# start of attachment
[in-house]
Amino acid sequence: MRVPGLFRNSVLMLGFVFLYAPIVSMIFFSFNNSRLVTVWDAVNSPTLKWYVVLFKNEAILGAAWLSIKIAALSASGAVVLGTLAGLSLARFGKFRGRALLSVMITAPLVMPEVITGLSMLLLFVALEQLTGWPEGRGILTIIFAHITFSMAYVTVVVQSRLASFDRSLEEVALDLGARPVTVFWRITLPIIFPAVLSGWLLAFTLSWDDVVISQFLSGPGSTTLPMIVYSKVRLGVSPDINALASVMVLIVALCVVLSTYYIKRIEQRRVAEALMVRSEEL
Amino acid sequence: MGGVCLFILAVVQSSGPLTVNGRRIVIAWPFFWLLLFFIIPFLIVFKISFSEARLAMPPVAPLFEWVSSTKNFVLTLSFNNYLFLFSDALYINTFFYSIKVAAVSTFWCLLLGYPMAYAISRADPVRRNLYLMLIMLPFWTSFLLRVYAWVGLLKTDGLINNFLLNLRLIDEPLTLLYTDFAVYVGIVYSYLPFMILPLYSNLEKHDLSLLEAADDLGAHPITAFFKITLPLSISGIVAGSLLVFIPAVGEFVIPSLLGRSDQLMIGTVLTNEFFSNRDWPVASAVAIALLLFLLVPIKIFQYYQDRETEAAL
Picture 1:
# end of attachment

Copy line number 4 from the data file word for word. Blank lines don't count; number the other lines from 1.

Picture 1: